Reverse on glass painting as a technique of the Classical Modern 1905-1955

An interdisciplinary research project by art historians, conservators and scientists

Logo der Volkswagen Stiftung

Within the scope of the funding program “Research in Museums” the Volkswagen Foundation, Hannover, approved a grant to the Museum Penzberg – Sammlung Campendonk in Penzberg/ Bavaria
Museum Penzberg - Sammlung Campendonk, Penzberg for the research project “Reverse Glass Painting as a Technique of Modern Art 1905 - 1955”. For the more than three years-project (2015 - 2019) Cooperating partners are the Federal Institute for Materials Research and -Testing (BAM) in Berlin and the Doerner Institut of the Bayerische Staatsgemäldesammlungen, Munich. Scientific analysis of the diverse nature of reverse paintings on glass is a relatively new area of research. In the past this specialization had been met with ignorance, misunderstanding or even disdain as a result of its use in 19th-century mass production of folk art. From an art historical context this form of ‘cold painting’ had been referred to as “glass painting” rather than being recognized as a unique art form, as stained glass is.
The history of reverse glass painting begins with the production and refinement of glass, the substrate for the painting. This transparent material bestows the artwork with luminosity and, due to its optical refraction and reflection, an undeniable radiance. The artistic challenge of this material is the necessity to paint the scene in reverse. The details of the painting must be first applied to the glass, followed by the background. The painted side of the glass panel is not the same as the viewing side, making the observed image the mirror image of the composition on the back of the glass. The applied paints as well as for example any metal leaf form an integral unit with the glass.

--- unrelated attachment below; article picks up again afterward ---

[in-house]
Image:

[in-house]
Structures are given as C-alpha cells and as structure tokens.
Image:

Das Projektteam

The research team of an art historian, conservator and chemist examined the reverse glass paintings both as discrete artworks and as an art historically relevant group of works, accompanied by art technology studies by Simone Bretz and materials analysis by the BAM and Doerner Institut. This enabled a deeper understanding of this type of painting from the first half of the 20th-century. The research presented here was also the aim of two dissertations: Diana Oesterle, M.A., Museum Penzberg – Campendonk Collection, addresses the art historical analysis. The doctoral thesis of Simon Steger, MSc, BAM Berlin focuses on materials analysis, utilizing a combination of non-invasive mobile devices to determine the pigments and binders of the paints.
Upon completion of the research project the results were presented on the website http://hinterglas-klassischemoderne.de and in the Summer of 2020 the Museum Penzberg – Sammlung Campendonk Collection in Penzberg will exhibit reverse paintings on glass created between 1910 and 1960, accompanied by a book publication and a Reverse Glass Painting-Symposium in Berlin in the Fall of 2020.

Research team: